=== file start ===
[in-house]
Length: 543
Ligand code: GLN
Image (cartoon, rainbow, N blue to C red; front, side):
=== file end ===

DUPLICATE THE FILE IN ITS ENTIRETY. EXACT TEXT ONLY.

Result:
[in-house]
Length: 543
Ligand code: GLN
Image (cartoon, rainbow, N blue to C red; front, side):